We've got that nice little shingle-holder up there on the roof.
And then over here where the newer addition was put on the house and there's some issues with how it was built.
We'll take a look at those later, but most of that' is going to come down or come apart then we're going to put a second story on it.
And rather than match the existing house with its stucco traditional details we're going to go in a very different direction. We're going to look at some new materials it's going to be kind of fun and kind of funky.
I see we’re gonna break those child labor laws again this year.
The soggy addition isn’t the only problem with the old house though. There’s an unusual crack.
General scope of the project: better thermal envelope, durable shell, and healthy indoor air
We've got this unusual crack running horizontally along the top of this this piece. We've got this section here that's blown out... back here is this corner that's blowing apart, we suspect this downspout with some poor water management was probably the culprit. That's been rectified a little bit with this sort of poor excuse for an extension on the downspout.
We've got some homeowner jerry-rigged cable with a definitely-not-rated-for-outdoor-plug.
And then we have this old equipment here, two condensers one that powered a minisplit, the other that powered the air handler up in the attic. This is all going to get replaced with some really cool new equipment from Mitsubishi.
We're going to be removing the stucco off to right about this location here, and then this is all going to get some really cool AZEK cladding.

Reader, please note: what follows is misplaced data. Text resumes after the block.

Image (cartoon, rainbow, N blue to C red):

Behind that, are some really awesome Benjamin Obdyke weather resistant barrier technology.
So we're going to be tearing off the stucco back here. We're going to pull off all the service equipment and these mechanicals and get those replaced. We're going to get rid of this window well here because the dryer vents just blowing lint into it it's a mess.
The rest of the stucco is going to stay. it's in good shape, although someone painted it this color on purpose i don't know why...
These window wells are going to remain. There is good sandy soils and really good drainage, and that brings us to windows.
We're going to replace all of the windows in the house and we're going to fill all of those weight pockets with some froth pack from our good friends at DuPont so that the house is nice and efficient.
That seems like a nice and efficient place to cut this opening episode of Building Resilience Season 2 that we’re dubbing: Project-Based Resilient Remodeling.
Next: deconstruction vs. demolition: What's the difference and who cares?
Next time we’ll go inside to have a look at what’s not going to get deconstructed or demolished.
Down here, in the basement we have this dropped ceiling and this is not going to be deconstruction this is going to be demolition...
In the process, we’ll explore a little bit about what deconstruction is...
"Basically what we're doing is systematically dismantling reusable equipment and appliances.
When we do deconstruction, we're taking our time, making sure we're not damaging anything, so it's ready..." (Petrina Rhines, Better Futures Minnesota)
...and how we can check off two boxes instead of one when we go about doing it. In the meantime, stay alert and stay resilient.
—Building Resilience is a production of the SGC Horizon media network.